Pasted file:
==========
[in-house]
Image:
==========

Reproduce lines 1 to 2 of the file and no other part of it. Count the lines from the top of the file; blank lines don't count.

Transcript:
[in-house]
Image: